The Panel on Business Challenges within the Defense Industry held a hearing on Monday on "Doing Business with DOD: Contracting and Regulatory Issues." Panel Chairman Bill Shuster (PA) made the following remarks:
"As most of you know, this panel has traveled around the country over the past few months to hold roundtable discussions with companies that are trying to do business with the Department of Defense. No matter where we went, or what sector of the industrial base we met with, we heard time and again that red tape and bureaucracy are getting in the way of innovation, efficiency and jobs.
In Rock Island, Illinois we heard complaints that export controls are overly restrictive. Many of the businesses we spoke to highlighted that we currently take a "one-size fits all" approach to determining what is placed on the US Munitions List, there is no mechanism for items to smartly be moved off the list as technology advances and specific items become readily available on the global market.
In Santa Clarita, California, we heard from a gentleman who owned a company that was last audited by the Defense Contract Audit Agency in 2005 and the audit was still open due failures on the part of DCAA. He estimated that having this open audit on the books had cost his company $3-4 million in lost business over the last six years.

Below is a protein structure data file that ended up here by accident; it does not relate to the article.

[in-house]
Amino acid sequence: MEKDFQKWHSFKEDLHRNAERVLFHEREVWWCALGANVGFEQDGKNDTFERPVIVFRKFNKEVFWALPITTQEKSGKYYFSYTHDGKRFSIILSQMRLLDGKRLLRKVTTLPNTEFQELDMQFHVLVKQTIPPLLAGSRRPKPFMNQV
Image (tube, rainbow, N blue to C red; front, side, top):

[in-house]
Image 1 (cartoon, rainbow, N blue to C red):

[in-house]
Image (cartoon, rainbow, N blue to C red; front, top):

In Akron, Ohio we heard that although programs like the Small Business Innovative Research Program aid in technology development, the technology rarely goes anywhere because there is no mechanism to assist in completing the stringent military test requirements, nor is there resourcing to get the technology into production.
In Honolulu, Hawaii, we met with a small business owner who commented that small businesses are simply not equipped to deal with the bureaucracy of the DOD acquisition system.
In San Diego, California we heard from a businessman who felt that the large primes don't want small businesses to innovate and another who commented that anyone that wants to partner with a small business simply wants your technology. Both of these gentlemen agreed that more needs to be done to protect the intellectual property of small businesses.
"Here's the thing .it wasn't just one guy in Ohio, or a CEO in California or a Small Business owner in Illinois. These issues were consistently raised everywhere we went -- from the shipyard workers in Hawaii to the nanotechnology developers Ohio.